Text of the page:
week the Recording Industry Association of America announced
that it was ending its five-year reign of terror against its
own customers. Yes, the RIAA decided that it was going to
stop suing people that its “investigators” had “detected”
making music files available for others to download over the
Since 2003, the RIAA has jammed up over 35,000 people—college
kids, mostly—for using peer-to-peer online services like Limewire
and Grokster to acquire music. Letters were sent demanding
quick “settlement” payments of three or four thousand dollars
or face a legal hell of scorched-earth litigation from high-priced,
faraway law firms, with the downloaders’ potential liability
in the millions. Legally, the RIAA’s claims have always been
on shaky grounds, but the combination of an insane imbalance
of legal resources, a rational unwillingness of people to
be legal guinea pigs, and a few lazy judges has kept the RIAA’s
extortionate scheme viable.
So why has the RIAA pulled the plug? Well, maybe it determined
that it was a really stupid idea to begin with. This is an
industry with precipitously falling sales, that is holding
on to some romantic notion of relevancy left over from the
1960s, and now finds itself universally reviled for its bullying
and arrogant behavior. And the lawsuits were not working,
anyway, as more files than ever are being moved around the
Internet for free, and probably even more are being moved
around the so-called “sneakernet.” Like the 40,000 songs on
the hard drive a friend just made me borrow a few weeks ago.
Like the DVD-R with 1500 obscure ’60s tracks another friend
mailed me a few months ago. Maybe the RIAA just needs a hug.
And a new business plan.
Or maybe the RIAA is falling apart. With member companies
hemorrhaging money and with stock valuation tanking, perhaps
the notion of mass lawsuits against the general citizenry,
which reportedly cost a lot more money than they bring in,
is seen as an expendable business strategy. There have been
rumors for months that EMI, the smallest and most vulnerable
of the major labels, was angling to leave the RIAA for just
Maybe the RIAA sees the door closing. After five years of
essentially a free legal ride, there are a couple of cases
out there where the victims are fighting back, with the help
of organizations like Harvard Berman Center and the Electronic
Frontier Foundation. And it appears that in these cases, the
judges are finally taking hard looks at the legal issues involved,
as well as the fundamental fairness of the RIAA’s lawsuits.
Interesting, the RIAA has not said that it will seek to discontinue
any of its ongoing lawsuits, and it should be noted that for
any lawsuits in which a defendant has responded with a court
filing, the RIAA can’t unilaterally end the case anyway. All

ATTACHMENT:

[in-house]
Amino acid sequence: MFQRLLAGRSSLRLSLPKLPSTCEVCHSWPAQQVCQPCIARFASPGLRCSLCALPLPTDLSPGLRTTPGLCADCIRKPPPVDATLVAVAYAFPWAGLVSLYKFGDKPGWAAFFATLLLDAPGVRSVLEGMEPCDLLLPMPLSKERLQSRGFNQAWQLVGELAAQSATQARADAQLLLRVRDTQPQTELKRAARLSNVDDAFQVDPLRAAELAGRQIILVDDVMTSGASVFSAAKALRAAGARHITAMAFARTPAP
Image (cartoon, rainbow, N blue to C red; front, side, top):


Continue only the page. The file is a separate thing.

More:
it takes is one or two adverse rulings, and the RIAA’s cruel
and ridiculous playhouse falls apart. And then the class-action
attorneys, representing the 35,000 victims, move in, and suddenly
there’s a new sheriff in town.
Of course, we could consider the RIAA’s stated reasons for
discontinuing the lawsuits, although this should be the avenue
of last resort. This is an organization with a tenuous relationship
with the truth. In announcing the end of the lawsuits, the
RIAA spokesman said no new lawsuits had been filed “in months”
when in fact new suits had been filed regularly right up to
mid-December. Another RIAA gasbag said the now-abandoned lawsuit
strategy was the industry’s “only option,” a typically oblivious
observation from a group of companies that failed to develop
a digital strategy, engaged in price-fixing and payola and
copyright abuse, and are now staring down a long tunnel of
almost-certain and soundly deserved continued decline.
Now, the RIAA claims that it’s “changing direction,” and will
somehow work with your Internet service companies (ISP’s)
who will “help” the RIAA police suspected downloaders. Word
is that some kind of deal is being hammered out with the “assistance”
of New York Attorney General Andrew Cuomo.
As there’s been no official word from Cuomo or any ISPs on
this yet, we can only rely on rumor and speculation, but rumor
and speculation come from somewhere, right? The talk is that
Cuomo’s leaning on the ISP’s to implement some sort of “three
strikes” policy, where your Internet connection will be disconnected
if you are “suspected” of downloading too much stuff. Exactly
how and who determines this is unknown. Will your activities
be monitored? Well, apparently yes, somehow. And then what
kind of due process will you have? Who knows? Like Santa Claus,
your ISP will know if you’ve been bad or good, so be good
or no Internet for you!
This is ultimately scarier than 35,000 random lawsuits. This
is serious. For all his faults, former AG Eliot Spitzer blew
the doors off the major labels’ payola practices, and used
the penalty money to create a massive music fund which has
significantly enriched our culture ever since with grants,
commissions and awards to musicians and music organizations.
Why then is Andrew Cuomo coddling the same industry by allegedly
strong-arming ISP’s to be the music industry’s enforcement
cops? Is this what we pay him for? Doesn’t he have better
things to do? Like, I dunno, fight crime?